I still want to slap my forehead when I think about it.
A colleague was preparing a report for NAFCU’s board of directors. I emailed him to see when I could expect it. Unfortunately, I “fat-fingered” my iPhone, ending the sentence with an exclamation point by accident.
“When will I see it?” became “When will I see it!”
His reply seemed strange, until I saw what I did. While I cleared things up, I’m sure Greg wasted 15 minutes wondering what I meant.
I’m not alone in sending cryptic emails. This article from the Wall Street Journal dives into the subject.
Jill Campen was baffled recently when her boss Marty Finkle fired back a one-word reply to her carefully thought-out email asking for his approval on a client-training presentation she had prepared: “Done!” Ms. Campen, a consultant at Scotwork North America in Parsippany, N.J., puzzled over the message for a half-hour, then decided she was too upset to resolve the matter by email. She called Mr. Finkle and asked, “What is going on with you? ‘Done?’ What does that mean?”
Mr. Finkle, chief executive officer of Scotwork North America, a negotiating-skills training and consulting company, was dismayed. He told Ms. Campen that he trusts her to do a good job and went on to explain that he had been rushing to answer a client’s email and empty his in-box of the 100 to 150 emails he receives daily. When her message popped up, his first thought was, “We’ve already talked about this. I could get rid of this really quickly.” By the end of the conversation, the two were laughing.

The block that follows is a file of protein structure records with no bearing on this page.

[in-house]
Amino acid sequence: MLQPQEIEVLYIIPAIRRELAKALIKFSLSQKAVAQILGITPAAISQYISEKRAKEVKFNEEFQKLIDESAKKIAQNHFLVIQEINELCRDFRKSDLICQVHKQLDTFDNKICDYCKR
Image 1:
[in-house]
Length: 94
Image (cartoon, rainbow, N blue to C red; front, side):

She wasted half an hour before resolving the issue with a phone call. That isn’t uncommon. How many of you have seen a day or good mood ruined by an email – only to find out that the email was misunderstood?
But here’s the problem – the pace of email is only getting worse.
The number of emails sent or received daily by the typical corporate employee is expected to rise to 136 by 2017 from 121 this year, based on projections released last November by the Radicati Group, a Palo Alto, Calif., market-research firm. Managers, who receive the most, are “flooded by email,” says Nancy Ancowitz, a New York business communications coach. Many a manager multitasks to get through it all, “emailing from a mobile device at a stoplight, typing with his thumbs,” Ms. Ancowitz says.
I’ll end with these thoughts.
- There are no simple, throw-away emails. Each one counts – even those one-word replies.
- If you lead a team or organization, people will read into everything you do. Body language, tone, facial expression, eye-contact. But email strips you of everything except the written word. Can the words you are writing be taken the wrong way? If so, slow down and edit the email.
- Taking time to write thoughtful emails may seem time-consuming. But as a leader, your emails trickle down through the entire organization. The thirty seconds you may save firing off a quick email could lead to hours or days of confusion. The cost/benefit analysis, at least for me, says that sending thoughtful, clear emails will be more efficient over time.